On September 26, 2017, Madeline M. Whitney slipped away peacefully in her sleep. She was born in Philadelphia, PA on December 26, 1926 to Irish immigrants Mary and Michael Brennan. She was the youngest of five siblings with three siblings still living outside Philadelphia.

She graduated from Little Flower High School in 1944 and went to work at the Philadelphia Naval Depot in NE Philadelphia. While there she met her future husband, William R. Whitney, and married him in Honolulu, Hawaii in 1950. Her only child was born in 1951. Together the three of them traveled the world, while Bill was still in the US Navy (30 years) and later working for Air America. They lived in exotic places like Hawaii, Taiwan, Thailand and Japan, as well as visiting many other countries. Madeline’s favorite place to visit was Hong Kong. She learned to do Ikebana flower arranging, played mahjong, took up bridge and learned to speak Mandarin Chinese.

In 1967 they decided it was time to settle down back in the Seattle area. They found a house and settled in Bellevue, WA. Madeline took up gardening and was well known in her neighborhood for her beautiful yard which was her pride and joy. Madeline lived in her house for 47 years and was so sad when she could no longer live there on her own.

Madeline and Bill were among the first members of The Bellevue Athletic Club which they enjoyed immensely. Madeline discovered her competitive spirit and never looked back. At age 50 she started doing aerobics, weight training, hiking, jogging and her favorite sport – tennis. She was often found on the courts playing with players who were 20 years her junior and she often substituted in both the women’s and men’s leagues. She played tennis clear up to 80 years young! This all in spite of breast cancer of which she was a 25 year survivor.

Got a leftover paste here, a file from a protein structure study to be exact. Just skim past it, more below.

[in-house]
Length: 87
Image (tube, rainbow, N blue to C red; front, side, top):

Madeline is preceded in death by husband William R. Whitney. She is survived by daughter Patricia and son-in-law Scott Gordon, her sister Dorothy Meder, and her brothers Jack Brennan and Bill Brennan. At Madeline’s request there will be no services. Remembrances in her name should be sent to an organization which helps animals find their forever home such as PAWS and NOAH.

When I come to the end of the road,

and the sun has set for me

I want no rites in a gloom-filled room,

why cry for a soul set free?

Miss me a little but not too long

and not with your head bowed low.

Remember the love that we once shared

miss me but let me go.

For this is a journey that we all must take

and each must go alone

It’s all a part of the Master’s plan

a step on the road to home.

When you are lonely and sick at heart,

Go to the friends we know,

And bury your sorrow in doing good deeds,

Miss me, but let me go.